Business SpotlightsGeneric

Role Model Mentors

We are part of The Trust Project

There are many tools available to help a struggling student succeed. There’s individual or group tutoring, afterschool classes and online learning.

Seeking help from another student is generally not on the list when parents are looking for their children to excel academically.

Horace Greeley High School junior Zach Reynolds, left, works with a second-grader as part of the Role Model Mentors program.

However, Role Model Mentors employs talented and motivated high school students to help children in grades K-8 and match them with children who have similar interests. The older students offer their younger counterparts not only academic help but the kind of guidance and camaraderie that most adult tutors can’t provide.

The idea was the brainchild of Tim Boylan and Derek Correia, who co-founded Role Model Mentors in 2015. The goal was to support the personal growth and self-confidence of younger students. Boylan realized that the tutoring market for elementary and middle school students was underserved and a tutoring service could better prepare that age group for the more competitive high school years.

At the time, Boylan realized his daughter, like many adolescents, needed help with classwork and social issues. He asked an older teen in the neighborhood to act as a role model and provide tutoring.

Once the two students worked together, Correia, a former Fortune 500 executive and Bedford resident, said “magic started happening.” He said he joined the business because it could transform lives. Unlike a tutoring service that offers strictly academic help, Correia said parents can choose a mentor to work on academics, music lessons, special class projects and more.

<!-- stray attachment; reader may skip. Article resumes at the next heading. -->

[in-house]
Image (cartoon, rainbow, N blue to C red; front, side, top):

“Everyone is looking for their child to become the best versions of themselves,” Correia said.

Whether students are struggling academically or socially, a mentor who is closer in age can provide the needed guidance to place the younger student on a path to success, he explained.

Boylan and Correia reasoned that using high school mentors would be more beneficial because many children may tune out adults and may be more receptive to working with someone closer in age who they look up to.

“But it’s not just, here’s an older kid,” said Correia. “There’s a dynamic aspect to these sessions.”

There’s higher level engagement as additional time is spent with mentors engaging in activities the younger student enjoys, whether it’s playing ball or a game of chess.

Role Model Mentors has a robust hiring process, Correia said. Every mentor must have at least a B+ average in an honors or advanced level class or an A average in non-honors classes. They must also be active in a club or legitimate afterschool program or participate on an athletic team.

Correia said all prospective mentors are interviewed and references are obtained from peers and adults. Little advance training is needed.

“These kids self-select for the most part,” he said.

The part-time commitment is often a valuable and rewarding work situation with easy-to-manage hours. Mentoring is also a valuable addition for a student’s college application, Correia said.

From the mentor’s perspective, the experience is highly beneficial.

“Understanding what it means to be responsible for a younger person and being held accountable for another human being’s success goes a long way in helping these high school kids…and go on to college understanding empathy,” Correia said.

Role Model Mentors has more than 100 clients across Westchester, including from Armonk, Bedford, Briarcliff Manor, Chappaqua, Katonah, Lewisboro, Mount Kisco, Pleasantville and Pound Ridge. About 250 mentors are signed up. Its base plan includes up to five hours of mentoring a month per child. Sessions can vary from an hour or two to an entire morning or afternoon on a weekend. The company recommends 10 to 12 hours per month for students looking for mentoring in sports, music and art in addition to academic support.

For more information about Role Model Mentors, visit To inquire about mentoring, call 1-800-485-6013 or e-mail

We'd love for you to support our work by joining as a free, partial access subscriber, or by registering as a full access member. Members get full access to all of our content, and receive a variety of bonus perks like free show tickets. Learn more here.